The finishing stretch was super hot with Kzy and YAMATO going at it. Their chemistry remains some of the best in the entire promotion. YAMATO ultimately feels hot, and like he could win the belt at this year’s Kobe World. He planted Kzy with a Galleria to keep up his momentum. ***1/2 


Minorita was in the midst of a killer run last August when he ruptured his ACL and went on the shelf. He was forced to vacate his Triangle Gate belt and step away from a ring that had treated him incredibly well since his character changed from Takumi Hayakawa to Minorita. 

The bulk of his return match was spent testing his injured knee. He was forced to hit the ropes constantly as Big Hug goaded him into multiple chase-downs and fast-paced spots with the promotion’s two standout bantamweight stars. The good news for Dragongate is that outside of the built-in ring rust that would be there for anyone that missed this amount of time, Minorita looked like he’d be able to return to the greatness that he once wrestled at with ease. I was left feeling very encouraged about Minorita’s future after this match was over.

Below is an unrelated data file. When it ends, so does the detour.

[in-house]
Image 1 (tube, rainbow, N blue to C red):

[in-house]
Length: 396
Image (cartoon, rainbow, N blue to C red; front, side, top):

I was not, however, encouraged by the look of Jacky Kamei. In-ring, he’s still one of the best wrestlers in the world and should be mentioned alongside the likes of Kaito Kiyomiya and Shun Skywalker, a tier below Bryan Danielson and Will Ospreay, but his Big Hug gear that he debuted on this show sucks. The haircut is fine, but the oversized overalls did him no favors. He took a step back in terms of coolness and it’s crucial that the company figure out a way to fix his gear immediately. He can’t go into World with ill-fitting gear. It distracted me the entire match.